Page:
In standing up for the Woodson tradition of self-publishing, I became a persona non grata in the eyes of the new leadership of ASALH, which is increasing taking the shape of a regime. One of the defining characteristics of a regime is the nearly universal tendency to perpetuate itself and protect its rule by eliminating the opposition, which it considers to be inherently illegitimate.
To prevent me from running for the board as a corporate member, the majority of the Executive Council voted to exclude me from the ballot for the class of 2019. But when the opposition told them that I could indeed run a write in campaign and win, the regime ignored the concern–did not seek a change of policy–but went to work. Without a vote of the Council, the regime created an electronic ballot that, breaking with tradition, excluded write-in candidates for the corporate seats.
We warn our children to watch what they do on the internet because an indiscretion can ruin a reputation. But the technologically less savvy can give that advice, but they really don’t know how deep things can get, not really. Those who tampered with tradition for undemocratic purposes have left themselves exposed. Here’s last year’s ballot, and here is this year’s ballot as they sit out in the open internet, going nowhere and leaving a trail of authoritarian behavior. This goes against the traditions of the association, which has always allowed write-in candidates in elections.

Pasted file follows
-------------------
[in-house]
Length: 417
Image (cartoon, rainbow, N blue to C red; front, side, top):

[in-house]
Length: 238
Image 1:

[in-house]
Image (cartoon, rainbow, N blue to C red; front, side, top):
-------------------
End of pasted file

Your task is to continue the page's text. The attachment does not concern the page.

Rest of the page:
As a result of the unauthorized ballot, which excluded the write in for the corporate seat only, Gladys Mack sits there alone as the candidate, no opposition–not even a potential one as a write in. Effectively the regime is appointing her to a three-year term: She is not being elected. (No choice, no real election.) This is unprecedented in ASALHland for that last who knows how many elections. But as you can see from last year’s ballot, this is not how we hold elections.
Now, keeping me off the board even if it means violating ASALH’s election practices is a must because I oppose, strenuously oppose, ending our century of tradition of self-publishing ASALH’s Journal of African American History. What folks think of my methods matters not in this–it does not justify the means used to oppose me. They had the power to deny me a place on the ballot, but they did not have the authority, without going to the general membership, to change the election practices. People who agree with me were denied a choice. I received 54 write in votes for the non-business seat, and because of a paper ballot was sent out to someone who requested one, I had one vote for the corporate seat. I am suggesting to the board that both candidates–the advantaged candidate and me–both be appointed as there are two seats available in each class. This is a wise way to solve the problem of corruption.
Democracy in a membership organization is vital for its survival. If members feel that people who have dedicated themselves have no voice, then they cease to belong. ASALH must clean up its house. The persons responsible should resign.